There's no question that cable news is changing the way stories are  being covered in America, and that's the subject of this evening's Talking  Points memo.

Twenty-two years ago this month, Senator Edward Kennedy made worldwide headlines in the Chappaquiddick incident where a young woman named Mary Jo  Kopechne drowned in a car the senator was driving.

Ms. Kopechne worked for the senator.  Some investigators believe the  relationship went further than that.  Kennedy was never charged in the  incident, and what exactly happened remains unclear to this day.

The big three networks reported the story back then, but no pressure  from them was put on Senator Kennedy.  In fact, some of the coverage was  even sympathetic to him.

Can you imagine if that story happened today?  The cable outfits would  go crazy, including Fox News Channel.  Things would be much different for  Senator Kennedy.

The Condit story is similar to the Chappaquiddick situation in that we don't know exactly happened to Chandra Levy, and we have a member of  Congress right in the middle of it.

As we reported yesterday, Nightline and the CBS Evening News have  ignored the story entirely, and ABC's World News Tonight has only done one report.  So if the cable news networks did not exist, the pressure on  Congressman Condit and the D.C. police would be at a minimum.

Talking Points believes the elite media is out of touch with the  American people.  The Condit story is about abuse of power and shoddy  behavior by an elected official.

Most Americans understand the validity of the situation and see the  bigger picture here.  Apparently, some in the elite media don't see that  picture.

As you know, the Fox News Channel and The Factor have come under fire from critics who understand our power is growing but don't understand why.

For example, in the Vanity Fair attack piece on Fox, James Wolcott  disputes my contention that most Americans want the government out of their  lives.

Wolcott writes, "Folks could get a might upset if a flood or tornado tore through their hamlet and federal assistance was slow to arrive while  they were snoring on cots in the high school gym.  The might flip their  John Deere caps or pop their hair curlers if their Social Security checks  or tax refunds failed to make it to the mailbox."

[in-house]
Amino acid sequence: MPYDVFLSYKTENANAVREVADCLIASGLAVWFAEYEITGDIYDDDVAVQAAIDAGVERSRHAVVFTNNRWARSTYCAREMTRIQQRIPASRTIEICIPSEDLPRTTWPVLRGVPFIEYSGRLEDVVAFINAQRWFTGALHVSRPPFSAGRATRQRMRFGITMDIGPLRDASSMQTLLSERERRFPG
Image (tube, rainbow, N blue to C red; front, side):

Notice the condescending tone.  And, of course, Americans do expect  the government to provide services the people have paid for in advance.   What?  The feds are going to do us a favor paying Social Security?  Hasn't Wolcott ever heard of the payroll tax?

The belief that we poor schmoes are waiting for the government to rescue us or for the media to explain life to us is extremely prevalent  among the elite media.  They really believe that, and their news coverage  is shaded by that belief.

But the truth is that most Americans are smart enough to know what is  important and industrious enough to make it on their own.  That's what we  believe, and that's why the The Factor has risen to the top.

The American people need solid information so they can decide how best  to make important decisions.  They don't need media outlets censoring the  Gary Condit story or pushing various agendas.

And that's the memo.

Most Ridiculous Item of the Day

Time now for the "Most Ridiculous Item of the Day."  Our  pal Madonna is on a concert tour.  Some of the tickets cost 125 bucks each.   I know I will be getting a couple of dozen.  Yeah.

Anyway, Madonna has decreed no freebies.  Even her friends can't get  them.  According to "The New York Post," people like Elton John and Mick  Jagger were stunned when they found out they had to pay for tickets.  "The  policy is simple," says Madonna's spokesperson Liz Rosenberg.  "If you want  a ticket, you have to pay." 

Ridiculous?  Not to Madonna.  She's cleaning up $125 a pop.

— You can watch Bill O'Reilly's Talking Points weeknights at 8 p.m. ET.  And send your comments to: oreilly@foxnews.com